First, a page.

In addition, of the more than 800 public and private institutions that were assessed, UCLA placed fifth among all public and private colleges in the area of environment, No. 11 overall in the engagement category, No. 16 in terms of outcomes, and No. 25 overall.
The rankings focus on student success and learning in four key areas: student resources, student engagement, educational outcomes and learning environments. The results are based on data from the Times Higher Education U.S. Student Survey, which collected the opinions of more than 170,000 current university students, government data sources and findings from the Times Higher Education Academic Reputation Survey.
Leading the overall list of colleges were Harvard (No. 1), the Massachusetts Institute of Technology (No. 2) and Yale (No. 3). Among leading public universities, UCLA was followed by the University of Michigan, second (No. 27 overall), and the University of North Carolina, Chapel Hill, third (No. 33).
Other University of California campuses included in the Top 10 public universities were UC Berkeley, fourth (No. 34 overall), followed by UC Davis, fifth (No. 36), and UC San Diego, sixth (No. 37).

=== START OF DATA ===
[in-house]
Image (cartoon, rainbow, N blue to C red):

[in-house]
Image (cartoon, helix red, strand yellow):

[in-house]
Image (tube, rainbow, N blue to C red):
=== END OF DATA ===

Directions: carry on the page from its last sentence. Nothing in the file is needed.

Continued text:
UCLA consistently performs well in multiple rankings regardless of methodology or criteria. In 2018, UCLA was named the No. 1 U.S. public university in both the U.S. News & World Report’s Best Colleges ranking and Wall Street Journal/Times Higher Education survey. UCLA was also named the No. 2 U.S. public university (17 overall) by Times Higher Education in its 2019 World University Rankings and No. 2 (No. 9 overall) in its 2019 World Reputation Rankings.
This article originally appeared in the UCLA Newsroom.
UCLA evolutionary biologist Blaire Van Valkenburgh has spent more than three decades studying the skulls of many species of large carnivores — including wolves, lions and tigers — that lived from 50,000 years ago to the present. She reports today in the journal eLife the answer to a puzzling question.
Essential to the survival of these carnivores is their teeth, which are used for securing their prey and chewing it, yet large numbers of these animals have broken teeth. Why is that, and what can we learn from it?